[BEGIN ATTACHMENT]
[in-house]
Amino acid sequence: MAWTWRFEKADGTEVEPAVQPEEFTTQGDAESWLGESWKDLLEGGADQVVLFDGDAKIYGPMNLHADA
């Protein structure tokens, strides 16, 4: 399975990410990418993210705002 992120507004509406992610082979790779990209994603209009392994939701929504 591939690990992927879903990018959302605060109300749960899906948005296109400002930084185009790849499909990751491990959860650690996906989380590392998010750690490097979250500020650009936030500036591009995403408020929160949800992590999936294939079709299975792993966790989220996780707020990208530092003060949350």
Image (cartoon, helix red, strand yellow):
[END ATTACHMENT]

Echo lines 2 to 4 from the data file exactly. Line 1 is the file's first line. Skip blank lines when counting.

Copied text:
Amino acid sequence: MAWTWRFEKADGTEVEPAVQPEEFTTQGDAESWLGESWKDLLEGGADQVVLFDGDAKIYGPMNLHADA
């Protein structure tokens, strides 16, 4: 399975990410990418993210705002 992120507004509406992610082979790779990209994603209009392994939701929504 591939690990992927879903990018959302605060109300749960899906948005296109400002930084185009790849499909990751491990959860650690996906989380590392998010750690490097979250500020650009936030500036591009995403408020929160949800992590999936294939079709299975792993966790989220996780707020990208530092003060949350």
Image (cartoon, helix red, strand yellow):